Soccer: Iranians arrive with offence
Journal Soccer Writer
June 1, 1999
The street urchins would dribble the ball with a flair unique to the
province of Khuzestan -- the Brazil of Iran and the province where British
oilworkers first introduced soccer to the country.
It was there, in Khuzestan, in the city of Khoramshahr, where Ali Mousavi
first toddled after a soccer ball.
It would, however, be in another quadrant of the country where he would
learn to one-touch passes and create opportunities and finish his
Mousavi was five when the war with Iraq broke out. Before long, he was
fleeing northeast with his family to Mashad.
Their old home was destroyed. So too was the southwestern city.
For eight years, the war raged on but always, said Mousavi, there were
street games to play.
Mousavi, now a 24-year-star in the Azadegan League -- a league named
after the prisoners of war -- is in Edmonton this week with the Iranian
The national sides from Canada, Iran, Guatemala and Ecuador are here
to contest the Canada Cup of Soccer.
This marks Iran's second trip to North America, their second appearance
In 1997, Iran played the Canucks before an crowd of 15,325 at Toronto's
The majority of the game-goers were expatriots."Prior to our arrival
in Canada, we had no idea whatsoever that we would be received that way,"
said Mousavi through an interpreter."When we met those fans and the
fans met us and we exchanged stories, we realized we all cared about Iran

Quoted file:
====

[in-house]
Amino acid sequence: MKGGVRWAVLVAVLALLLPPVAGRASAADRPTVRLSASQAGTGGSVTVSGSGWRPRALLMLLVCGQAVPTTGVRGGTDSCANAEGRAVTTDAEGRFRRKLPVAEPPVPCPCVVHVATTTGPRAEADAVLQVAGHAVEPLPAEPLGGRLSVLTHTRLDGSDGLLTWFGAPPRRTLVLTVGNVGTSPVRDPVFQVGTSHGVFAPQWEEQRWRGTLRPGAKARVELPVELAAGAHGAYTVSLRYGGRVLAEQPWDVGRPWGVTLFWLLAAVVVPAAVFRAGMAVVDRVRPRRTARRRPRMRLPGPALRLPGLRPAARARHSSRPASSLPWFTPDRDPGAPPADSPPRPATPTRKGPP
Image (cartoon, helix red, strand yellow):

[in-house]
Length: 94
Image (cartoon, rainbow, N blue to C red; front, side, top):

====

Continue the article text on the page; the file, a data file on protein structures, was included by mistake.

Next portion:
Wherever we go, regardless of the country, we have been warmly welcomed
by Iranian fans, but that game has a special place with all of us."
It was the first time a group of people had close contact with the team.
And soccer is our passion. Through football, they all come together regardless
of their background. It makes them one again."
Mousavi is a poster boy for the post-war generation, another player
who would make his debut at the Asians Nations Cup in 1996.
That tournament not only marked Mousavi's first major international
appearance, but it was also a sign that Iran was re-emerging on the world
scene. Two years later, after a 20-year absence, Iran was in the World
Said Ali Daei: "From a personal standpoint, my appearance at the
World Cup really didn't have much impact. Soccer fans around the world
knew of me."But the World Cup was a platform for Iranian football.
It re-introduced our football to the world.
"Daei, the country's distinguished goal scorer, was one of the
pioneers to play abroad, joining Karim Baheri and Kodadad Azizi.
Today, there are 14 playing with first division teams. Whenever they
slip back into their national team jerseys, Iranian fans will converge.
About 1,800 of the tickets sold for the Canada Cup have been sold to
They will arrive from Vancouver and Winnipeg, Los Angeles and Tennessee.
Two are even making the trip from the United Arab Emirates.
The Cup was recently dealt a marketing blow when Costa Rica and the
Brazilian Olympic team were scratched from the lineup.
That created openings for Guatemala and Ecuador and elevated Iran's
No team scored more goals than Iran on the road to the World Cup --
a total of 57 goals in 17 matches, including a 17-0 rout over the Maldives.
Iran finished 19th in the quadrennial event, then received FIFA's Fair
Play Award, an honour they shared with the U.S."Iran has far more
potential," said Mousavi."In order to realize that, the infrastructure
has to be looked at.
The war for 10-12 years stopped any progress and Iran fell behind the
rest of the world. Now we are at the catching-up stage."With more
players going to Europe, Iran football will progress further and further."
Months after the war ended, Iran and Iraq met in a four-nations tournament
It was called the Peace Cup and the teams tied 1-1. Two years later,
the Azadegan League was formed.
Mousavi, living in Tehran where his team is based, often plays before
crowds of 120,000. But again, he is about to move on. He too is heading
to the German first division.